Entity planning for taxation, asset protection, gifting or succession planning is complex and fascinating. CPAs are forced to work with existing and evolving entity structures, court decisions and the tax code. Each situation is unique, and no set model can be established.
CPAs’ experience, breadth of knowledge and attention to detail make us excellent planners in this area. Based on recent cases and legislation, we must continue to plan defensively for our clients.
In 2010, the Florida Supreme Court allowed the Federal Trade Commission (FTC) to seek monetary foreclosure remedy against defendants Olmstead’s and Connell’s single-member LLC (Limited Liability Company) interests for a judgment of restitution in a credit-card scam case. The LLCs in question were single-member limited liability companies (SMLLC) held entirely by either Olmstead or Connell.
The Florida Legislature quickly responded by amending Florida Statute 608.433. The Legislature clarified that, although the courts have power to enforce a charging order with a foreclosure if the judgment cannot otherwise be satisfied in a reasonable time, the courts shall not have any power beyond the charging order to foreclose upon a member’s interest in a multiple-member LLC (MMLLC).
In its decision, the Court appears to align a single-member LLC interest with that of corporate stock, and the Legislature has aligned the MMLLC interest with that of a partnership. Under partnership law, partners are permitted to “pick their partners.” They are not required to accept an “assignee partner,” typically the result of a partner’s judicial proceeding, into the management of the partnership. Corporate stock is deemed fungible, interchangeable and impersonal, so foreclosure long has been an accepted practice.
Do we still prefer LLC over corporate or partnership entities in Florida?
Certainly for multi-member LLCs, business may proceed as originally planned. However, it might be important to consider with whom the membership interest is shared.
Let’s say, for instance that, a husband and wife own several rental-property LLCs and are jointly indicted for tax fraud or similar breach resulting in a judgment and demands for restitution. It is probable that those LLCs could be foreclosed upon to satisfy the judgment in Florida, in light of the Olmstead decision and reasoning. Since the ownership of the assets was held in the same manner as the restitution liability, the Court’s reasoning could apply and allow a distribution, as per Olmstead.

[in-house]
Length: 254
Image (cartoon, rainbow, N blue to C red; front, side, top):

This line of reasoning would be consistent with Florida bankruptcy laws where Tenants by the Entirety (TBE) property is available to pay the debts of the filing spouse if a single joint creditor exists.
For single-member LLCs, the best practice may be to name an unrelated third party as a minority member. Naming a family member or friend simply will subject the LLC to all the litigation that may ensue against family or friends. We have no case law to tell us how close a relationship or control would impair the status of a MMLLC. We also have little guidance for a husband and wife holding the LLC interest as TBE. Could the TBE be severed in a charging order judicial foreclosure or a bankruptcy action? To create the most prudent structure for husband and wife, each spouse should individually hold 1 percent; should jointly hold 98 percent as TBE; and should avoid joint debt.
Albeit far more expensive and complicated, for those who want more protection, an Irrevocable Trust and Florida Limited Liability Limited partnership (LLLP) is worth considering. This single-member structure could be handled by using a Florida LLLP to hold a large interest in the Florida LLC. The owner controls the general-partnership interest through another general-partner LLC, and an Irrevocable Dynasty Trust holds a small percentage of the LLC for the benefit of family with a third-party Trustee (see the diagram at right). This structure is overly complex and an LLLP alone may be a wiser choice.
The LLC flexibility for tax purposes (basis determination, distributions, transfer and liquidation) will allow Floridians to continue their love affair with LLCs, now with more entity complexity (and probably with more tax returns filed).
Under current law, which may change soon pursuant to the Affordable Care Act, one huge disadvantage for closely held LLCs, particularly those set up for operating companies, is the self-employment taxation imposed on all profits. Limited Liability Partnerships (LLPs) and General Partners in Limited Liability Limited Partnerships (LLLP)s suffer the same fate unless the underlying activity is free from self-employment tax, namely rental real-estate holding; investment activities; or oil and gas activities.
LLCs can avoid self-employment tax by electing S corporation status.
We can avoid subjecting the LLC operating company profits to the self-employment tax burden by electing S corporation status for our LLCs on Form 2553 under the “check-the-box” rules. This sometimes is referred to as an LLC envelope. However, with more than 100 owners; any foreign owners; or a complicated distribution and allocation scheme, this election is not available.
Source: Florida Institute of CPAs